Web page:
‘I just won’t go down’: Kathy Griffin on fighting her way back


It was a moment Kathy Griffin thought would never come again.

The Grammy and two-time Emmy winning comedian performed for a sold-out crowd in New York at Carnegie Hall, a place she called the “the church,” a year after her career was teetering on the edge of ruin.

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“I thought there was a really good chance my career was over,” Griffin told “Nightline.”

In May 2017, Griffin stirred a national controversy after a photograph was released of her holding a mock-severed head of President Donald Trump.

“I wanted to shame him — it, as I refer to Trump. It. I wanted to shame it. I don’t believe it’s human. What I was thinking was some sort of a sendup. And believe it or not, I’m not a Megyn Kelly fan, but I do remember him saying famously, as you do, ‘There was blood coming out of her eyes, blood coming out of her wherever.’ And I was doing a whacky photo shoot. And I thought, ‘All right, let’s get, you know, a Halloween Trump mask, put a bunch of ketchup on it and see if he likes it when there’s blood coming out of his wherever,” she said.

The image drew ire from both sides of the political divide.

Donald Trump Jr. called it “disgusting but not surprising. This is the left today …,” while the president tweeted, “Kathy Griffin should be ashamed of herself. My children, especially my 11-year-old son, Barron, are having a hard time with this. Sick!”

Chelsea Clinton wrote: “This is vile and wrong. It is never funny to joke about killing a president.”

“No one stood by me. No network, no studio, no one. Left, right, and center turned on me. Everyone turned on me,” Griffin said.

It was a reaction that Griffin had not expected.

“I was holding a mask, a Halloween mask, with ketchup on it,” she said. “You’d be amazed at how many people actually think I was holding anyone’s severed head. Like I went to the severed head warehouse or ‘Severed Heads R Us.'”

Griffin told “Nightline” that the photo was not an invocation of violence in any way.

“It’s a photo. Have you seen the cover of Der Spiegel? Have you seen any of the famous, iconic covers of magazines? You could take any one of them and accuse them of inciting violence. Also, I’m Kathy Griffin the comedian. I’m not an elected, I’m not a general, I’m not an anchorperson doing the evening news,” she said. “There [are] no lines for me.”

But many others saw it differently. Griffin soon lost sponsorship deals. Her entire tour was canceled, and CNN terminated her contract to host their New Year’s Eve special.

Her co-host and friend, Anderson Cooper, tweeted: “For the record, I’m appalled by the photo shoot Kathy Griffin took part in. It’s clearly disgusting and completely inappropriate.”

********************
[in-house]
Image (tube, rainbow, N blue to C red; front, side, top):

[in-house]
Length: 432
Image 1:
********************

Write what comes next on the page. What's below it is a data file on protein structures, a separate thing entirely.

“I don’t even have a punchline for that one because that one just hurt. My punchline is this: ‘Ouch,’” she said about Cooper’s remark.

In the months that followed, Griffin says she received death threats, which continue today, and was placed under a federal investigation.

“I was on the no-fly list. I’m still on the INTERPOL list. I had to go overseas to make a living. I went and played [in] 15 countries and 23 cities. I was detained at every single airport. They take your passport. They take your devices. They leave you alone in a room, and you don’t know what’s going to happen, and you can’t ask,” she said.

Some friends even advised her to leave the country for several years.

“Sharon Stone, who I love, goes, ‘Leave the country for eight years.’ I go, ‘You leave the country for eight years.’ I go, ‘I have to make a living. Wait a minute. I’ve got bills to pay!’” she said.

Within the day, Griffin posted a video on Twitter where she apologized and said: “I sincerely apologize. I am just now seeing the reaction to these images. I’m a comic, I cross the line. I move the line and then I cross it. I went way too far.”

But months later, she retracted the apology, calling the fallout a “faux outrage.”

“The vast millions of Americans who have decided to turn their ire on me and then the next one coming down the line are just full of s—. And I’m happy to say it right to their faces,” she said.

And she is quick to note that the photo was an expression of her First Amendment right.

“I didn’t break the law. I didn’t do anything wrong,” she said.

A year after the scandal, Griffin is proving that she won’t go down without a fight and is now performing her “Laugh Your Head Off” tour throughout the United States.

Minutes before her performance at Carnegie Hall, she admitted that she was excited — no nerves.

“It’s pure gratitude. When you have the president and the government say you’re never going to work again, and you’ve had your own representatives say, ‘Oh, you’ll be lucky to play some small club and then you sell out Carnegie Hall with even those seats,’” she said.

With nothing to lose and everything to prove, an emboldened and impassioned Griffin stepped on to the stage with the same incivility that got her inducted into the Guinness Book of World Records for the most stand-up comedy specials by a comedian in 2013.

“I broke the record, and then I broke my own record. Just so when I kick the bucket, I want some young female comic or some younger person of color or younger gay person to go, ‘Hey, remember that 57-year-old bird? She didn’t let [them] take [her] down,” she said.

“That’s part of my mission,” she added. “I just won’t go down.”